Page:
The glacial record has shown that atmospheric methane concentrations have fluctuated in the past, particularly during the Bolling-Allerod interstadial. We used an inverse photochemical carbon-cycle model to interpret the magnitude of effect that glacial-interglacial atmospheric methane variations have on the global carbon cycle. The results of this modelling suggest that an observed variation in atmospheric C-14 during this time period may be the result of oxidation of the increased atmospheric methane. We re-examine methane clathrate in palaeosols as a potential source of the methane, and the influence of deglaciation and subsequent heat transport from advecting groundwater in these sediments may be a plausible mechanism by which atmospheric CH4 concentrations abruptly increased during the Bolling-Allerod.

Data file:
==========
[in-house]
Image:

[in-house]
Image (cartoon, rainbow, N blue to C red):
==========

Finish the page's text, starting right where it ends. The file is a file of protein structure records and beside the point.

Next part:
- carbon cycle
- atmospheric composition